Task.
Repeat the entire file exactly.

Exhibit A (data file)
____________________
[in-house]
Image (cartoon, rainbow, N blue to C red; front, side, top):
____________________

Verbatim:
[in-house]
Image (cartoon, rainbow, N blue to C red; front, side, top):